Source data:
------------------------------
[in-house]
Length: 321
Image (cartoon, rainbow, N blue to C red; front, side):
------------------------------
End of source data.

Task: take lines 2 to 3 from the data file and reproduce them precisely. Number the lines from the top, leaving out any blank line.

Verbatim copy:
Length: 321
Image (cartoon, rainbow, N blue to C red; front, side):